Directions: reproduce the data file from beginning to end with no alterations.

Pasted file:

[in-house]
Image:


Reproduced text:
[in-house]
Image: